Why not all spinoffs are plated in gold

I love researching and investing in spinoff investments, usually there is a lot of money to be made in spinoffs.  A new management is incentivized to improve performance and usually a company living inside of another company isn't usually operating at it's most efficient.  That said not every spinoff is worth buying, I've noticed a trend on blogs touting every spinoff as a buy.  While an investor can find some good bargains picking through potential spinoffs I believe it always pays to read the filings closely, missing a few small lines can mean the difference between a great company, and a potential train wreck.

I was recently reading the filing for the spinoff that Cablevision is doing of AMC Networks.  The idea initially attracted me, AMC owns rights to shows but doesn't have to own the infrastructure to distribute the shows, rights are not capital intensive, building out cable to thousands of households is not.  So I was reading the filing and the following lines caught my eyes in the section Reasons for Distribution.

Cablevision’s board of directors has determined that separation of our businesses from Cablevision’s other businesses is in the best interests of Cablevision and its stockholders. The potential benefits considered by Cablevision’s board of directors in making the determination to consummate the Distribution included the following:
• to enhance the credit profile of Cablevision by accessing its RMH subsidiary’s additional debt capacity to effectuate a reduction of Cablevision’s indebtedness, thereby providing Cablevision with greater financial and strategic flexibility to pursue acquisitions following the Distribution; and
• to increase the aggregate stock price of Cablevision and the Company relative to the pre-Distribution value of outstanding Cablevision stock, so as to allow each company to (i) issue equity in connection with acquisitions on more favorable terms and (ii) increase the long term attractiveness of equity compensation programs, in both cases with less relative dilution to existing equityholders.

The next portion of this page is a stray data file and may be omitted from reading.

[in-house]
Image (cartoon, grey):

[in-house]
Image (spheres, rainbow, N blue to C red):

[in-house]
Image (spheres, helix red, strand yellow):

Let me translate this to you, Cablevision wants to load up AMC Networks with debt, so Cablevision can refinance at lower rates.  In addition they also expect to be able to issue more shares as two separate companies, instead of one.

So I have to ask myself, why would I want to own a company where the controlling shareholder wants to increase leverage and issue more shares diluting shareholders.  It appears that spinning off AMC will benefit the Dolans (the majority owners of Cablevision, and soon AMC Networks) but not shareholders who decide to go along for the ride with them.

If you have any thoughts on this spinoff please leave a comment, I'm interested in hearing other investors  opinion on AMC Network.

Talk to Nate about this stock.

1 comment:

  1. I'm planning on writing a detailed post on AMC once the final docs are filed. I really dug into the 10-12B today. There is quite a bit to like about the company- media buyers are saying that AMC can now sell themselves as a "network replacement", Sundance and IFC have good growth opportunities, cash flow is strong, etc. But, the debt is a big problem. According to the preliminary filing, it looks like AMC is going to refinance all their debt plus have another $1.2B in debt issued to Cablevision so they can pay off/refinance some of their debt.
    While AMC's cash flows might be able to support its debt, my concern is the debt payments are going to hurt the network's strategy of developing more original programming.